Not Just a Number

Updated
 
Not Just a Number
Not Just a Number

By NBC’s David Murphy

An election year reminder: Watch the jobless rate trends, not just the number.

In October of 1980, Ronald Reagan asked Americans: “Are you better off than you were four years ago?”  When it came to unemployment, the numbers showed that they weren’t – but  it was close.  The September jobless rate, released in the first week of October, was 7.5%, just a tick below the 7.6% rate from September of 1976.  Nevertheless, it was enough for voters to deny Jimmy Carter’s bid for a second term and put Reagan in office.  Ironically, the unemployment rate was almost exactly the same when Reagan ran for re-election four years later.  The report from September of 1984 showed a rate of 7.3%.  However, that was far off the high of 10.8% at the end of 1982.  For Americans that re-elected Reagan overwhelmingly, apparently the trend was more important than the final number and it helped put Reagan back in the White House. 

 

Not Just a Number

Eight years later, George H.W. Bush found out that the trend can work against you as well.  As he neared the end of his re-election campaign, the jobs report from September of 1992 showed an unemployment rate of 7.6%.  But that was far worse than it had been over the first two years of Bush’s presidency when the rate had never risen above 6%.  Bill Clinton hammered the sitting President for failing to ease the recession that was gripping the country and turned it into a winning message.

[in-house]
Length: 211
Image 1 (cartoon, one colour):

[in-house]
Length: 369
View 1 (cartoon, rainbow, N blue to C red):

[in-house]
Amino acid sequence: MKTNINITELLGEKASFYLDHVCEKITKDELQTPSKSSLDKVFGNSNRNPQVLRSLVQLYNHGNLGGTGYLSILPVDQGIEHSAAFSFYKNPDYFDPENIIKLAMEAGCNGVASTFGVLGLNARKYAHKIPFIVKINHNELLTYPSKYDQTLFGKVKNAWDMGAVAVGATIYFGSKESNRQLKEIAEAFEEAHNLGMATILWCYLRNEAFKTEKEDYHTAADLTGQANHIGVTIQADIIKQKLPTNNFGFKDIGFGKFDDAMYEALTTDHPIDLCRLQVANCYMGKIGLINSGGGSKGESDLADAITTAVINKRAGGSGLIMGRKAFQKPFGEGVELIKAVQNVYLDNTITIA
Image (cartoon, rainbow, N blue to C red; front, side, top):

Not Just a Number

Bill Clinton had no such troubles while running for re-election in 1996.  Clinton and his successor, George W. Bush, were beneficiaries of September unemployment rates of 5.2% and 5.4% respectively, helping pave the way for second terms.  President Obama is now facing a 7.8% unemployment rate.  That kind of number spelled doom for many of his predecessors.  But the President can take comfort in the fact that when it’s compared to a high of 10% during the depths of the recession, 7.8% just might be good enough.

Not Just a Number

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